When presiding some two years ago over what would be the highly complex and controversial trial of former Prime Minister Ehud Olmert in the Holyland affair – Rishon Letzion Magistrate's Court Judge Abraham Heiman was right: He declared that the affair was one of the worst corruption cases in Israel’s history.
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Indeed, Tel Aviv District Court Judge David Rosen said after he convicted the former premier Monday that bribery had penetrated Israel’s system of government like a hot knife through soft butter.
The unprecedented effort by Olmert and his emissaries to undermine the credibility of the state’s witness, Shmuel Dechner – credibility that was undermined in any case – was futile. In Rosen’s view, the prosecution was able to back up much of the witness’ testimony with strong evidence that was enough to put its veracity beyond reasonable doubt.
In this prominent and thorny case, over which the previous state prosecutor, Moshe Lador, was personally responsible, the painstaking work led by Tel Aviv district prosecutor Liat Ben-Ari, paid off.
Dechner did not live to see the end of the trial, but in dying, he left a prison sentence behind to the defendants in the Holyland case.
On the basis of Rosen’s harsh terminology, one can deduce that the bribery offense of which Olmert was convicted will likely mean real prison time.
By the way, it is true that statistically, the Tel Aviv District Court is considered to be tougher than its Jerusalem counterpart – not only in the rate of convictions of white-collar criminals, but also in the severity of the punishment meted out to them.
There is no doubt that the State Prosecutor’s Office will ask that Olmert be given a minimal prison sentence of about a year.
Chronologically, Olmert’s 2012 conviction in a Jerusalem court of fraud and other charges in the so-called investments center case – during his term as industry, labor and trade minister – related to an offense that was committed after the one of which he was convicted by Rosen. This time around, the charge referred to crimes committed when he was mayor of Jerusalem.
Now let us try to make some sense of these cases. The bribery conviction delivered Monday can be combined with the conviction in Jerusalem two years ago to paint the picture of a cunning and cynical individual, who got ahead thanks to illicit practices – first in the Knesset, as mayor of Israel’s capital and then in a succession of important government ministries – and made it to the top. His meteoric political career has now left a trail of corruption in its wake.
The financial assistance businessman Dechner extended to Yossi Olmert at his older brother’s request was at the center of this ruling. As mayor, Ehud Olmert asked Dechner to help his brother, who had sunk deep in debt. Dechner transferred more than half-a-million shekels to the younger Olmert. In exchange, the mayor agreed to promote construction of the luxury Holyland residential project in the city, Dechner’s pet project.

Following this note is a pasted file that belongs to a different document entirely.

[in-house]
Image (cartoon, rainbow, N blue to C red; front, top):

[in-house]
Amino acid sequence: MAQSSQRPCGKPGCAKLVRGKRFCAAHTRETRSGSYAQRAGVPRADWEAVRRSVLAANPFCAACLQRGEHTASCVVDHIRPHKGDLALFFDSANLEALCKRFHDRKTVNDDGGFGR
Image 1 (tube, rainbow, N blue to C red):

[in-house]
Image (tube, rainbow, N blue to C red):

In its coverage of the verdict Monday, Israel's Channel 2 asked veteran attorney Ram Caspi, who is close to Olmert, where the checks were that Dechner gave to Yossi, and why there was no proof those checks had been debited from Dechner’s bank account.
This issue is relevant: Among other claims, the lawyers representing the former premier in the Holyland case contended that Dechner made up the story of the bribes given to Yossi Olmert – based, among other things, on the fact that there was no proof that the checks (even if they had been made out) had actually left Dechner’s account.
We should pay attention to this claim, because it may constitute the seed of an appeal that may be sown by Olmert’s people.
In this sense, the Holyland trial was the complete opposite of the Jerusalem trial, in which Olmert was acquitted on charges of fraud, breach of trust, tax evasion and falsifying corporate records in the Rishon Tours double-billing case and the Talansky affair.
In the courtroom in Jerusalem, it was proven incontrovertibly that cash-filled envelopes were passed given by American businessman Moshe Talansky to the premier. Although this was confirmed, Olmert was acquitted, and immediately declared in a press conference: “There were no cash envelopes.”
However, in the Holyland trial, as mentioned, the checks Yossi Olmert received were never found, and Dechner’s account was not debited. Still, Judge Rozen examined every single bit of the abundant circumstantial evidence and the evasive testimonies provided to him, and reached the conclusion that Olmert had asked for the money, Dechner had given it and the prime minister's brother had received it.
Bottom line: There were checks, and there was bribery.
Monday marked the end of weeks of feverish talks between Shula Zaken, Olmert’s longtime bureau chief and personal assistant, and the state prosecutor – talks that ended with Zaken agreeing to turn state’s witness, making Olmert’s situation worse.
What happened to Zaken’s plea bargain? Rozen has beaten a retreat. By law, a judge is not bound to honor such agreements passed on by the state prosecution, even when they were made with the defendants’ full consent. In this case, the judge does not have many reasons to treat Zaken leniently. She did not make his work any easier. On the contrary: Her testimony was tough and problematic. Zaken did not save Rozen or the judicial system one iota of effort to prove the corruption. Her plea bargain came too late.
Still, from the public viewpoint, the plea bargain can't be written off because it could lead to an additional investigation of the former premier that will focus on obstruction of justice.
Be that as it may, today Ehud Olmert has gone from a serial suspect to a serial criminal.